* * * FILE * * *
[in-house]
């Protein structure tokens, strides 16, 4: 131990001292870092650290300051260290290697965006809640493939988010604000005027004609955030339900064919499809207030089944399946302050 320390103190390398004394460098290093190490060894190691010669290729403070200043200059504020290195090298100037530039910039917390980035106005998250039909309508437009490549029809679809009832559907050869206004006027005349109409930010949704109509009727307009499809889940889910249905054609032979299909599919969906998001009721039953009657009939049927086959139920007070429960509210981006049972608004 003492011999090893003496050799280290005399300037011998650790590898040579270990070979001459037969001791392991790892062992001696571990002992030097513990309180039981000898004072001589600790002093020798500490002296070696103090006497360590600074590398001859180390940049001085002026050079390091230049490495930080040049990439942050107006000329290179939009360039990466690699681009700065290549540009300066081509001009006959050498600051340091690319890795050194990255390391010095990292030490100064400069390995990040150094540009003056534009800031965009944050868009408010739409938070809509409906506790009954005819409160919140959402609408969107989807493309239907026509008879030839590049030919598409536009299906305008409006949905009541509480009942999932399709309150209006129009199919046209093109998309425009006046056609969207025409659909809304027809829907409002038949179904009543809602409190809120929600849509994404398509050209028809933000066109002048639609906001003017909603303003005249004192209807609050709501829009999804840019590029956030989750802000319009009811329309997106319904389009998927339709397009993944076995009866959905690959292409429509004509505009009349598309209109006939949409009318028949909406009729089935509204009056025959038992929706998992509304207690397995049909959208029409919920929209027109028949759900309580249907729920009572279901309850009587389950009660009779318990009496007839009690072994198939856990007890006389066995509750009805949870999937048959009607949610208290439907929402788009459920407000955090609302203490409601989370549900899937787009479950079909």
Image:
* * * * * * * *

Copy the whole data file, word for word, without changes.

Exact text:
[in-house]
């Protein structure tokens, strides 16, 4: 131990001292870092650290300051260290290697965006809640493939988010604000005027004609955030339900064919499809207030089944399946302050 320390103190390398004394460098290093190490060894190691010669290729403070200043200059504020290195090298100037530039910039917390980035106005998250039909309508437009490549029809679809009832559907050869206004006027005349109409930010949704109509009727307009499809889940889910249905054609032979299909599919969906998001009721039953009657009939049927086959139920007070429960509210981006049972608004 003492011999090893003496050799280290005399300037011998650790590898040579270990070979001459037969001791392991790892062992001696571990002992030097513990309180039981000898004072001589600790002093020798500490002296070696103090006497360590600074590398001859180390940049001085002026050079390091230049490495930080040049990439942050107006000329290179939009360039990466690699681009700065290549540009300066081509001009006959050498600051340091690319890795050194990255390391010095990292030490100064400069390995990040150094540009003056534009800031965009944050868009408010739409938070809509409906506790009954005819409160919140959402609408969107989807493309239907026509008879030839590049030919598409536009299906305008409006949905009541509480009942999932399709309150209006129009199919046209093109998309425009006046056609969207025409659909809304027809829907409002038949179904009543809602409190809120929600849509994404398509050209028809933000066109002048639609906001003017909603303003005249004192209807609050709501829009999804840019590029956030989750802000319009009811329309997106319904389009998927339709397009993944076995009866959905690959292409429509004509505009009349598309209109006939949409009318028949909406009729089935509204009056025959038992929706998992509304207690397995049909959208029409919920929209027109028949759900309580249907729920009572279901309850009587389950009660009779318990009496007839009690072994198939856990007890006389066995509750009805949870999937048959009607949610208290439907929402788009459920407000955090609302203490409601989370549900899937787009479950079909």
Image: